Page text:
Title page for ETD etd-05122008-120008


Document Type Master's Dissertation
Author Van Tonder, Jacob John
URN etd-05122008-120008
Document Title Effect of the cardiac glycoside, digoxin, on neuronal viability, serotonin production and brain development in the embryo
Degree MSc (Anatomy)
Department Anatomy
Supervisor
Advisor Name Title
Dr M J Bester Co-Supervisor
Prof E Pretorius Supervisor
Keywords
  • membrane sodium pump
  • cardiac glycoside
  • brain development
Date 2007-11-24
Availability unrestricted
Abstract
Digoxin has been known as a treatment for chronic heart failure for over 200 years. Its effect on the heart itself has been extensively studied and its inotropic effect well established. The inotropic effect of digoxin is the result of its inhibition of the membrane sodium pump or Na+/K+-ATPase, which plays an important role in maintaining the resting membrane potential across the plasma membrane through constantly pumping Na+ and K+ across the plasma membrane. Na+/K+-ATPase is not found exclusively in heart muscle. It is also found extensively throughout the brain. As digoxin is the drug of choice for pregnant woman with chronic heart failure, this study aimed to examine how digoxin affects brain development and neurons in culture. The well established chicken embryo animal model was used in this study. To probe for deviations from normal brain development, chicken embryos were exposed in ovo. Brains were examined using both transmission and scanning electron microscopy. Microscopy indicated significant damage to the neurons, specifically membranes and mitochondria, as well as cellular death by means of aponecrosis. An unexpected result was premature myelinogenesis in the brain. Chick embryo neurons (CEN) were exposed to digoxin in vitro and cell viability was assessed by performing crystal violet (CV) assays. Results showed that cell number increased over time. This is however, impossible as CEN are non-dividing cells and results were therefore interpreted as an increase in protein synthesis over time, correlating with the myelinogenesis results seen with electron microscopy. To assess membrane integrity, fluorescence microscopy was performed using propidium iodide as stain. Results from this experiment showed a sharp increase in propidium iodide uptake in exposed cells indicative of the membrane damage caused by digoxin. These results also correlated with the aponecrosis seen with electron microscopy, as the nuclei indicated apoptosis while propidium iodide is normally only absorbed by cells undergoing necrosis. Finally, a literature search was conducted to shed some light on the role that digoxin plays in serotonin production and levels in the brain. From the literature it seems that digoxin could increase serotonin production and elevate serotonin levels in the brain, which may influence normal brain development and may therefore play a role in myelinogenesis in the brain.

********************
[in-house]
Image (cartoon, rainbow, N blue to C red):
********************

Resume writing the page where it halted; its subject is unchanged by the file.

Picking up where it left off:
University of Pretoria 2007

E911/ag

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